In the last article, I mentioned at the end that we really need to start thinking about IT education for the upcoming generations. Right on cue a few days later the Director-General of the National Information Technology Development Agency (NITDA), Dr Isa Ali Ibrahim, was quoted as saying that Nigeria can save about N3.1trn annually if we “stop importing software.” As something of an IT evangelist, I feel personally invested in the IT development of this country and it’s probably why this particular statement grated my insides more than all the others. And there have been others.
As an aside: I choose to focus in this article on information technology development because that is one of my primary areas of interest. But it is not far-fetched that my arguments here can be applied to your sector and you will find similar results.
It’s all about the Murtalas
This administration swept into power on a wave of chants and defections, neither of which has let up since. The “Change Begins with Me” campaign that I looked at in a previous article is just a remix of the chant that brought them to power and was thus intended to lead to a continuation of the fervour and belief. “God save the king!” and all that – if you don’t echo it, you’re a potential blasphemer or something.
A second, though more subtle, chant is sung by those who occupy positions in government. It has become something of a party line that has to be toed in order to secure or consolidate your position in whatever ministry, department or agency (MDA) you are leading. We all know the chant; even though its exact phrasing changes, the meaning is always crystal. So when the Comptroller-General of Customs sets an annual revenue target like a for-profit business would, or the men and women of the Federal Roads Safety Corps appear more focused on revenue generation than actual safety of road users, we tap our collective feet to the all too familiar beat.
This kind of behaviour occurs mainly because the federal government is the political center of gravity of the country, with everything having to pass through, and therefore be controlled by, the FG. So everyone is forced to go cap in hand to Oga at the top, kowtow and try to keep him sweet. Even if all you really, honestly want is for the agency under your watch to excel beyond anyone’s wildest expectations, it is cumbersome and difficult to do so when you have little flexibility. As well, having to consistently be doing everything you can to please the Oga instead of focusing your energies on your MDA opens up room for corrupt aides of the president to manipulate the system for their benefit. After all, if there’s something we’ve learned from Mr Buhari’s 49-day medical vacation in the United Kingdom, it’s that he can be a difficult man to reach at times; even his special assistant on media and publicity, Mr Femi Adesina, who had been shouting louder than most about the president being hale and hearty finally confirmed that he had never actually spoken with the president for most of the time the president was away, only the latter’s close aides. Now imagine the DG of some agency that nobody really cares about trying to speak with the president to explain why his agency is important to the future of the country. Basically, if his handlers don’t deem it important, the president is unlikely to ever hear about it.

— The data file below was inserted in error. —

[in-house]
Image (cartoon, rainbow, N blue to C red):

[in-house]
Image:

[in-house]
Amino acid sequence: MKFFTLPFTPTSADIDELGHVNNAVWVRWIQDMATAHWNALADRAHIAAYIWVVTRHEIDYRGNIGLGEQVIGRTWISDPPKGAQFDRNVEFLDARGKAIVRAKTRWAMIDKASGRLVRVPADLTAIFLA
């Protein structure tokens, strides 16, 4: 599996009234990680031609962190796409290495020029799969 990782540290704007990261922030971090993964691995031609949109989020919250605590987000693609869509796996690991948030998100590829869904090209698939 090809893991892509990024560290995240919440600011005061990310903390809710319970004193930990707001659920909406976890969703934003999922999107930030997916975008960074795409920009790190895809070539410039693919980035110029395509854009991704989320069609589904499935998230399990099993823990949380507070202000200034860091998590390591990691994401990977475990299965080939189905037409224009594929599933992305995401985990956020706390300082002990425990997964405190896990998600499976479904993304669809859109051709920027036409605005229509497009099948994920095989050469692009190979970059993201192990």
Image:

I recognize some will present the argument that the country is in recession and the government needs funds to meet its budget so that it can “make Nigeria great again” and blah blah blah. But let’s blaspheme by forgetting for a minute what they want to use the money for (We can talk about that in the near future). The issue under consideration here is that government agencies and parastatals have found themselves in a position where their worth to the government appears to depend on how much currency they can conjure up. In other words, your actual job is more or less irrelevant; what matters is how much you can deposit into the government coffers. Keep in mind that some of these agencies specialize in harassment and intimidation and so it can easily become a case of giving them a good excuse to continue “doing their work” (an actual threat from a police Special Anti-Robbery Squad officer attempting to extort me for money). Looking at antics of the EFCC, who went so far as to “diabolically” freeze a law firm’s bank account on a flimsy whim, it is even more obvious that money is, in fact, the goal. I’ve said before that this government seems to think that only stealing is corruption, but maybe I was wrong; maybe this government is so desperately running after money that money is all it sees. Reading about the CBN’s forex policies and other attempts by the government to keep the country from drifting into recession, one can understand why they are so desperate for funds. But at the same time, I worry that this over-emphasizing money could not only have a poor knock-on effect, but could also result in tunnel vision that blinds them to other, no less important, things.
Back to the Future
“We are committed to reverse this trend of uncontrolled inflow of foreign software to the detriment or our own local software… After all, facts and figures at our disposal suggest that the local software alternatives are performing well at a much [lower] cost.”
– Dr Isa Ali Ibrahim, Director-General, NITDA